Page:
Extensive global research: Corona virus is more dangerous for pregnant women

Extensive global research: Corona virus is more dangerous for pregnant women

New worldwide research, which is still ongoing, shows that pregnant women are more likely than non-pregnant women of childbearing age to have severe Covid-19 specimens and are more likely to More may need respiratory equipment.

Studies by the University of Birmingham and the World Health Organization show that pregnant women are more likely to develop severe Covid-19 specimens, especially if they are from a racial minority or have conditions such as obesity, high blood pressure and diabetes.

This research, the results of which were recently published in BMJ published, Is part of an accurate and ongoing systematic study that began in April 2020 and the first results were shared in August 2020 at BMJ. The results of this report are in fact a combination of 192 studies worldwide.

One in 10 pregnant women who have been to the hospital for any reason has been diagnosed with the Corona virus, according to the report. A total of 339 pregnant women died of Covid-19 for various reasons (0.02% of the 4,664 people surveyed in this study). Of course, the rate of stillbirths and neonatal deaths in women with suspected or confirmed infection is still low.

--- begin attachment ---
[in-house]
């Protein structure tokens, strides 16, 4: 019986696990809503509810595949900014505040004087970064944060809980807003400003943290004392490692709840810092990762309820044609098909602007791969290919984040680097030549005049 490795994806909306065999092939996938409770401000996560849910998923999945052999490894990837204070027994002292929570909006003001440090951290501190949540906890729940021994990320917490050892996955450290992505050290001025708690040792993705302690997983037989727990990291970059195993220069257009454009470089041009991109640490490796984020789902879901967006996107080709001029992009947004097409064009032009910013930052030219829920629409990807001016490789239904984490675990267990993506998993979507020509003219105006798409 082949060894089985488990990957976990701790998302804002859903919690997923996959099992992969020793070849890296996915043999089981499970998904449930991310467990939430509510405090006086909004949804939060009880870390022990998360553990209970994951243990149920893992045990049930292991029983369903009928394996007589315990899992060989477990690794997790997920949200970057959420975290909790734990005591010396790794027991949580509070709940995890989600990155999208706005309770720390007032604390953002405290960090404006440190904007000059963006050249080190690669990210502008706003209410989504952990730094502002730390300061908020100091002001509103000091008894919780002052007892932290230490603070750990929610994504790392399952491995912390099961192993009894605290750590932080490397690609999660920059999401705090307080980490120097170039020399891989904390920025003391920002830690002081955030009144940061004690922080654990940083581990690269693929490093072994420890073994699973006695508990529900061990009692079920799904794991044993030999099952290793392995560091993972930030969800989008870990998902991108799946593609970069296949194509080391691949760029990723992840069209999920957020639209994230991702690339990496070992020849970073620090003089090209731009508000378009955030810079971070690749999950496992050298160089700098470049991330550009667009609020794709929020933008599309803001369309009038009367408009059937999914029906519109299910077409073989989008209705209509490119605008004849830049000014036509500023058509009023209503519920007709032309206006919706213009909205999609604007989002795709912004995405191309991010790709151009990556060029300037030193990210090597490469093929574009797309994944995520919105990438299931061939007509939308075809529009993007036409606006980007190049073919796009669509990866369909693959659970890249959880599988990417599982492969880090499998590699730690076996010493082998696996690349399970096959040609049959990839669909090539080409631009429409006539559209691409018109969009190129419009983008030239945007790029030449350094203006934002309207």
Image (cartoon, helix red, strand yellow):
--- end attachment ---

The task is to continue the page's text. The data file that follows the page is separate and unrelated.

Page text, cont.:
The most common clinical signs of Covid-19 in pregnant women are fever (40%) and cough (41%), but most of them are asymptomatic of the coronavirus compared to non-pregnant women of reproductive age. Aging, obesity, non-white race and underlying diseases such as chronic hypertension and diabetes have been identified as risk factors in pregnant women with Covid-19.

“Pregnant women, especially those with risk factors, should be at high risk,” says Dr. John Alotti of the University of Birmingham. “But mothers are reassured that the risks of the disease to their child are very low.”

“Pregnant women and health professionals need to consider the additional risks of Covid-19 for pregnant women in their decisions to distribute vaccines and programs,” said Professor Shakila Tangaratinam, co-author of the study and co-chair of the WHO Partnership Center for Women’s Health at the University of Birmingham. “Consider pregnancy management.”

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